Trump’s Border Wall Loses One Legal Challenge, Wins Another

Trump’s Border Wall Loses One Legal Challenge, Wins Another


The Supreme Court said Monday that it will not take up a challenge brought by several environmental groups to President Trump’s border wall.

As part of its effort to fast-track the construction of barriers in several states along the border with Mexico, the Trump administration has waived dozens of environmental, health and safety laws. Environmental groups including the Center for Biological Diversity and Defenders of Wildlife sued in January, charging that the Department of Homeland Security had exceeded its authority in granting the waivers. A lower court rejected the challengers’ claim, and the high court’s decision Monday brings the suit to an end.

Appeals court backs congressional power of the purse: Trump’s signature border effort suffered a setback Friday, however, when the 9th U.S. Circuit Court of Appeals ruled that the administration lacked the authority to use Pentagon funds to help pay for construction of the wall. Responding to a lawsuit filed by the American Civil Liberties Union in 2019, the appeals panel said that the administration violated the Constitution when it transferred $2.5 billion in funds that had been appropriated by Congress for use by the Department of Defense.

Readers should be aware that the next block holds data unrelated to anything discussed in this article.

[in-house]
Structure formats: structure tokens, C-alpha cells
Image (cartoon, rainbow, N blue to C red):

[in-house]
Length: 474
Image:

“These funds were appropriated for other purposes, and the transfer amounted to ‘drawing funds from the Treasury without authorization by statute and thus violating the Appropriations Clause,’” Chief Judge Sidney Thomas wrote for the majority. “Therefore, the transfer of funds here was unlawful.”

Robert Tsai, a constitutional scholar at American University, told The Hill that the decision pushes back against Trump’s effort to seize control over the power of the purse, shaped in part by his declaration of a national emergency. “This decision is an important win for democratic accountability and a huge blow to President Trump’s pretensions to unilateral power over the purse. The Ninth Circuit read federal law closely and found that the shift of funds was not for a military purpose and that the needs he cited were not unforeseen — in other words, that the president has fabricated an emergency to complete his pet project.”

It’s not clear what effect the decision, which will likely come before the Supreme Court, may have. The high court ruled last year that the administration could begin using the Pentagon funds while challenges worked their way through the court system.